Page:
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HSEC 690
Ideology, Discourse and Conflict

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"Some of the best weapons do not shoot."
-- U.S. Army Counterinsurgency Field manual FM 3-24, Dec. 2006

Homeland security in the broad sense includes counterterrorism, counterinsurgency, internal defense, law enforcement, unconventional warfare, disaster relief, humanitarian assistance, and other areas. All of these areas critically involve various forms of influence: interactions with and communications to relevant populations, groups, and actors; processing, exploitation, and dissemination of intelligence relating to threat groups, relevant populations, and their interactions; understanding the diverse human ecosystems involved (including ideological factors and political dynamics); and understanding the dynamics of recruitment, motivation, and action in both physical and symbolic realms.

Among the four pillars of national power – Diplomatic, Informational, Military, and Economic (DIME) -- the INFORMATIONAL element is increasingly recognized as primary.

Control over bodies is secondary to control over minds. Especially in the age of mass personal communications, projection of influence over individuals and populations (whether through words, images, music, performance, or other symbolic means) is the primary factor in the success or failure of all kinds of endeavors, including political, military, and humanitarian ones. Even kinetic action is a means of psychological impact and influence (as in the case of the attacks of 9/11). According to Vladimir Tismaneanu, a Harvard scholar of political transition, “individuals need something more than bread and water: human beings need to make sense of their very existence, to find a cause worth living for [and, one may add, fighting for], to construct a set of values that allow one to make distinctions between good and evil” (x). Symbolic sense-making is fundamental to the survival of human groups and the construction of collective identities, including those of nations, groups, movements, and so on.

Political struggle today is to a large extent struggle over meaning conducted through symbols. Global conflicts increasingly involve asymmetrical confrontations with diverse networks of actors in loose, horizontal coalitions coalescing around shared narratives and symbols, often based on a common ideological (political or religious) identity or simply on the idea of struggle itself as a unifying, motivating, and organizing mechanism. As many scholars have noted, “[o]ne of the key implications of the Information Age for global politics is the dramatically increased significance of the broadcasting or projection of information, through a variety of means, as an instrument of power” (Malone, Jeff and Armistead, Leigh. “Speaking Out of Both Sides of Your Mouth: Approaches to Perception Management in Washington, D.C. and Canberra.” in Macdonald, Scot. Propaganda and Information Warfare in the Twenty-First Century. London and New York: Routledge, 2007. 139-151.)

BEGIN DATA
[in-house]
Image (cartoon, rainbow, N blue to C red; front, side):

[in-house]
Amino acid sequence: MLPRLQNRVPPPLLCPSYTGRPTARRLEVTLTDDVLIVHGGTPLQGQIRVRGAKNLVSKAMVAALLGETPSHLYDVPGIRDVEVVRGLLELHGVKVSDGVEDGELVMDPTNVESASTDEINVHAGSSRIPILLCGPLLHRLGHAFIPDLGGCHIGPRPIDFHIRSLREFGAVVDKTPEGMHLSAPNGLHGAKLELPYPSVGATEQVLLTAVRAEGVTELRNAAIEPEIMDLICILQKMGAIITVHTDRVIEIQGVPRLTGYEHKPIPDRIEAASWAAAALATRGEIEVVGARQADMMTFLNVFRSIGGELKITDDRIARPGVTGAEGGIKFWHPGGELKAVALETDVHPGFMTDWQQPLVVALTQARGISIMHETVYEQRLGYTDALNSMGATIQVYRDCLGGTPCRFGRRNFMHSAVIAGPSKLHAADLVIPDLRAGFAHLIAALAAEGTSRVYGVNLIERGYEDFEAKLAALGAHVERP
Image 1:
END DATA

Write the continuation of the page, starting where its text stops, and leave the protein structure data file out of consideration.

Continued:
It is thus increasingly recognized that:

  • politics, security, and even warfare today have become intimately connected to information, influence, and perception management, and that
  • every human action carries symbolic meanings and thus has potential implications for power and security.

The course is designed to introduce you to the complex relationships between, on the one hand, the use of symbols and messages of all kinds, and, on the other hand, power, culture, human motivation and action, and, ultimately, conflict and security.